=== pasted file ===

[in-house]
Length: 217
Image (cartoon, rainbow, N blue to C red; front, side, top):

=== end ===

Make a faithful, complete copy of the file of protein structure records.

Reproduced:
[in-house]
Length: 217
Image (cartoon, rainbow, N blue to C red; front, side, top):